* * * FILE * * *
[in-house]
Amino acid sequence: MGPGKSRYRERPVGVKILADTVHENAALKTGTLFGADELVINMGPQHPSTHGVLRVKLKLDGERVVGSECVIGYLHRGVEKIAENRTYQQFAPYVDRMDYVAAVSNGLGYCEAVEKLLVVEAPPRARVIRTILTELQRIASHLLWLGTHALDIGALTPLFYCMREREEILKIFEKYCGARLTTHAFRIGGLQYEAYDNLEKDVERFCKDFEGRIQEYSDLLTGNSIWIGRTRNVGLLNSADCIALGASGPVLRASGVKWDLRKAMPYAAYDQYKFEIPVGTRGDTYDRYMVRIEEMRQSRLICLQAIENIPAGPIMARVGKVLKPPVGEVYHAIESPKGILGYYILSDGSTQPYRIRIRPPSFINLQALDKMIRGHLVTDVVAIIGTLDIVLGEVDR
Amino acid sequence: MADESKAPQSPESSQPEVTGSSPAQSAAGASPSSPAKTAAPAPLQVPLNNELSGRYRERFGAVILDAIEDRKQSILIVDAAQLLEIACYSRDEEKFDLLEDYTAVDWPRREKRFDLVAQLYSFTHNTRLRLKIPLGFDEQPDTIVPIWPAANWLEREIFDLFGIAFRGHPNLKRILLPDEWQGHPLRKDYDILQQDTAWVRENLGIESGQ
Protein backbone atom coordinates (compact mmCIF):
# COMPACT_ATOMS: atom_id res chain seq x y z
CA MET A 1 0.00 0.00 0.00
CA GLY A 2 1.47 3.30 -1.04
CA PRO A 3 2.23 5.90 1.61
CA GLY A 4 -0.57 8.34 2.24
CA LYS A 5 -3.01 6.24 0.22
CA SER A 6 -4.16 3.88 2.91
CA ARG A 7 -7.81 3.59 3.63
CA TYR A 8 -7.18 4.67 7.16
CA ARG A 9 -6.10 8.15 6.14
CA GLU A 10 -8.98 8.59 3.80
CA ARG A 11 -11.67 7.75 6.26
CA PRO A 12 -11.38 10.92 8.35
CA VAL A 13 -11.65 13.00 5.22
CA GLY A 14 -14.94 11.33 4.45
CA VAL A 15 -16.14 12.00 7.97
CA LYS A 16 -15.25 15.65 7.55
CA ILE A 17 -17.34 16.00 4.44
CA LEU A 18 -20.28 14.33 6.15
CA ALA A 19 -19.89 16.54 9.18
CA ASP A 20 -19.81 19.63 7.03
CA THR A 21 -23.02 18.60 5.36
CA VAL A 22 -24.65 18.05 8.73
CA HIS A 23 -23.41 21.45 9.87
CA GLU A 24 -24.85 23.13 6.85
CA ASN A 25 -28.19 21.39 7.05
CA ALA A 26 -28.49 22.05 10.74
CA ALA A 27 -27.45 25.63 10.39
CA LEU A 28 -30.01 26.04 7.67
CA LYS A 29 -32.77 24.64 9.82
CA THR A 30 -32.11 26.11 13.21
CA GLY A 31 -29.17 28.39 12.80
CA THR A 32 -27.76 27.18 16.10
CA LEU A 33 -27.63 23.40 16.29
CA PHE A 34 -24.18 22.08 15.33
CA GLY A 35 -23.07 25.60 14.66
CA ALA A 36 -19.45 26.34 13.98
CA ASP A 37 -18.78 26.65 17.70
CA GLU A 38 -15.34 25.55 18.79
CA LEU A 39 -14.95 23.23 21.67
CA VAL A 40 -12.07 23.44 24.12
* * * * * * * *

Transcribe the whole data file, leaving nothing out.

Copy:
[in-house]
Amino acid sequence: MGPGKSRYRERPVGVKILADTVHENAALKTGTLFGADELVINMGPQHPSTHGVLRVKLKLDGERVVGSECVIGYLHRGVEKIAENRTYQQFAPYVDRMDYVAAVSNGLGYCEAVEKLLVVEAPPRARVIRTILTELQRIASHLLWLGTHALDIGALTPLFYCMREREEILKIFEKYCGARLTTHAFRIGGLQYEAYDNLEKDVERFCKDFEGRIQEYSDLLTGNSIWIGRTRNVGLLNSADCIALGASGPVLRASGVKWDLRKAMPYAAYDQYKFEIPVGTRGDTYDRYMVRIEEMRQSRLICLQAIENIPAGPIMARVGKVLKPPVGEVYHAIESPKGILGYYILSDGSTQPYRIRIRPPSFINLQALDKMIRGHLVTDVVAIIGTLDIVLGEVDR
Amino acid sequence: MADESKAPQSPESSQPEVTGSSPAQSAAGASPSSPAKTAAPAPLQVPLNNELSGRYRERFGAVILDAIEDRKQSILIVDAAQLLEIACYSRDEEKFDLLEDYTAVDWPRREKRFDLVAQLYSFTHNTRLRLKIPLGFDEQPDTIVPIWPAANWLEREIFDLFGIAFRGHPNLKRILLPDEWQGHPLRKDYDILQQDTAWVRENLGIESGQ
Protein backbone atom coordinates (compact mmCIF):
# COMPACT_ATOMS: atom_id res chain seq x y z
CA MET A 1 0.00 0.00 0.00
CA GLY A 2 1.47 3.30 -1.04
CA PRO A 3 2.23 5.90 1.61
CA GLY A 4 -0.57 8.34 2.24
CA LYS A 5 -3.01 6.24 0.22
CA SER A 6 -4.16 3.88 2.91
CA ARG A 7 -7.81 3.59 3.63
CA TYR A 8 -7.18 4.67 7.16
CA ARG A 9 -6.10 8.15 6.14
CA GLU A 10 -8.98 8.59 3.80
CA ARG A 11 -11.67 7.75 6.26
CA PRO A 12 -11.38 10.92 8.35
CA VAL A 13 -11.65 13.00 5.22
CA GLY A 14 -14.94 11.33 4.45
CA VAL A 15 -16.14 12.00 7.97
CA LYS A 16 -15.25 15.65 7.55
CA ILE A 17 -17.34 16.00 4.44
CA LEU A 18 -20.28 14.33 6.15
CA ALA A 19 -19.89 16.54 9.18
CA ASP A 20 -19.81 19.63 7.03
CA THR A 21 -23.02 18.60 5.36
CA VAL A 22 -24.65 18.05 8.73
CA HIS A 23 -23.41 21.45 9.87
CA GLU A 24 -24.85 23.13 6.85
CA ASN A 25 -28.19 21.39 7.05
CA ALA A 26 -28.49 22.05 10.74
CA ALA A 27 -27.45 25.63 10.39
CA LEU A 28 -30.01 26.04 7.67
CA LYS A 29 -32.77 24.64 9.82
CA THR A 30 -32.11 26.11 13.21
CA GLY A 31 -29.17 28.39 12.80
CA THR A 32 -27.76 27.18 16.10
CA LEU A 33 -27.63 23.40 16.29
CA PHE A 34 -24.18 22.08 15.33
CA GLY A 35 -23.07 25.60 14.66
CA ALA A 36 -19.45 26.34 13.98
CA ASP A 37 -18.78 26.65 17.70
CA GLU A 38 -15.34 25.55 18.79
CA LEU A 39 -14.95 23.23 21.67
CA VAL A 40 -12.07 23.44 24.12